Deri warns Netanyahu and Gantz: Public won’t forgive us if we go to elections

Shas leader urges Likud, Blue and White to compromise in standoff over budget that could see Israel headed to fourth vote in less than two years

Shas party chairman and Minister of Interior Aryeh Deri, Prime Minister Benjamin Netanyahu, and Blue and White leader Benny Gantz, at the Knesset on November 4, 2019. (Hadas Parush/Flash90)
Shas party chairman and Minister of Interior Aryeh Deri, Prime Minister Benjamin Netanyahu, and Blue and White leader Benny Gantz, at the Knesset on November 4, 2019. (Hadas Parush/Flash90)

Interior Minister Aryeh Deri warned his Likud and Blue and White coalition partners to ease up on threats of breaking up the coalition, saying the people would never forgive them for another election.

Likud is currently at loggerheads with Blue and White over whether to pass a one-year budget, as Prime Minister Benjamin Netanyahu insists, or the two-year budget pushed by Defense Minister Gantz, who is also alternate prime minister.

Failure to pass a budget by August 25 will trigger automatic elections in November, in what would be the fourth round of voting in less than two years.

“The Israeli people will not forgive us if we go to elections,” Deri, who leads the ultra-Orthodox Shas party, said in an interview with Channel 12. “The people don’t understand [this dispute] and want us to work together.”

Deri, who was instrumental in helping bring Netanyahu and Gantz together into a unity coalition, said he continues to try and mediate.

“I’m talking to everyone and trying to find various compromises. We have to get past this. This is a broad government that we worked very hard to put together, it has to continue,” Deri said.

Amid deep distrust between the two parties, Gantz has vowed not to back down from his demand for a two-year budget, as stipulated by the coalition agreement.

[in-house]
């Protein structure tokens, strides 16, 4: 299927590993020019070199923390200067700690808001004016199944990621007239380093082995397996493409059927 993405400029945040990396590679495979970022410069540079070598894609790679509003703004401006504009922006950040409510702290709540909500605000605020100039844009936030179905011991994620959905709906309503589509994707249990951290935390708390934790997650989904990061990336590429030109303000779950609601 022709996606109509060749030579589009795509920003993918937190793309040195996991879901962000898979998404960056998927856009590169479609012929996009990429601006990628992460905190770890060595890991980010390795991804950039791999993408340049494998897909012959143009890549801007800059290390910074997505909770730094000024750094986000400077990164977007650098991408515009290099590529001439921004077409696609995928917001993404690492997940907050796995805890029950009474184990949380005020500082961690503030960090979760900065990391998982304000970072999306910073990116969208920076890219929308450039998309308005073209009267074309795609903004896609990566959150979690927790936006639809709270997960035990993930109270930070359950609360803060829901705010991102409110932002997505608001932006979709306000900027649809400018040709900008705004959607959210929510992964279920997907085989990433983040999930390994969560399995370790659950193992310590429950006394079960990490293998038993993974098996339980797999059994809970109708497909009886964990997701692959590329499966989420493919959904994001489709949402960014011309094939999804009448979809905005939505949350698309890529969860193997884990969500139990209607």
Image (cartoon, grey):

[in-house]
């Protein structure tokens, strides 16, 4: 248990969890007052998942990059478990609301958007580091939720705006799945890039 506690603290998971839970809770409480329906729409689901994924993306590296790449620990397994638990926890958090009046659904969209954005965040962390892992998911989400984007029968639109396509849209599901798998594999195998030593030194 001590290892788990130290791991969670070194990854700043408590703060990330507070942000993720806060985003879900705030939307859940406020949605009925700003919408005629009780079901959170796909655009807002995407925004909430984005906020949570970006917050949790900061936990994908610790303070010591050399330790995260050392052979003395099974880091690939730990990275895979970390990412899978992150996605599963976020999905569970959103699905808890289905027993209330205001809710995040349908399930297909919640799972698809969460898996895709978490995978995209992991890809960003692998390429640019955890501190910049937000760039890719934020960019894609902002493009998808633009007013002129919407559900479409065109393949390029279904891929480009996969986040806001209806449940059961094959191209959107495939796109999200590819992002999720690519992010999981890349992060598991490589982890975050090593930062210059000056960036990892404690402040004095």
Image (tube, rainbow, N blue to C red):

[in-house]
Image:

In seeking to renege on his coalition deal with Gantz and pass only a budget for the remainder of the current year, Netanyahu has been citing the uncertainty created by the coronavirus crisis, but many see it as a way for him to back out of the power-sharing arrangement he signed with Gantz, who is slated to take over the premiership late next year.

While Deri said Shas was opposed to going to new elections, he declined to say if he supported a one- or two-year budget.

“We are doing what we can to find a compromise between the two views on the budget,” he said “Everyone has to compromise, we can’t bring the government down over this.”

Earlier in the day, regional Cooperation Minister Ofir Akunis warned that if the Blue and White party does not back a single-year budget as pushed by his Likud party, the latter will seek to replace the unity coalition with an alternative government of 61 MKs.

Prime Minister Benjamin Netanyahu with then-Science Minister Ofir Akunis (L) at the start of the weekly cabinet meeting on December 22, 2019, at the Prime Minister’s Office in Jerusalem. (Marc Israel Sellem/Pool/Flash90)

Akunis told Army Radio that if the budget is not passed by the cabinet this week, his Likud party will strive to avoid new elections by forming a new government from the current Knesset before the budget deadline arrives.

“I, and the Likud, don’t want the Knesset to disperse, but rather that an alternative government be formed within the 23rd Knesset,” he said, without specifying how a majority of 61 MKs from the 120-seat Knesset would be achieved.

The Likud “isn’t going to blink” in the standoff with Blue and White over the budget, Akunis asserted.

“Everyone will know who led Israel to a fourth election” if elections are eventually called, he said. “The blame will all go to Gantz.”

Earlier in the day, Netanyahu told a meeting of his Likud faction at the Knesset that the budget must be passed or the country will need to make “significant cutbacks” at a time when it is striving to breathe life into an economy hamstrung by the coronavirus outbreak.

“This is not the time for cutbacks,” Netanyahu said. “This is the time to provide money to the citizens.”

Despite Akunis’s assurances, Netanyahu is widely believed to be doubling down on the single-year option as a way of leaving himself the option of dissolving the government next year by failing to pass a 2021 budget — the only option that, according to his complex and convoluted deal with Gantz, will allow him to send the country to a new election without Gantz automatically becoming prime minister in the interim.

The unity government, formed after three successive elections proved inconclusive and finally sworn in on May 17, has since been beset by wrangling and blocking maneuvers between the right-wing Likud and centrist Blue and White.

On Sunday, coalition whip MK Miki Zohar told the Kan public broadcaster, “There is a gaping abyss between us and Blue and White on many topics at an ideological level.”

“It is a like a couple that wants to divorce and that at any moment” will begin proceedings to end the marriage, he said. “That is the feeling at the moment: that it doesn’t matter what we do, it is going to end between us and Blue and White.”

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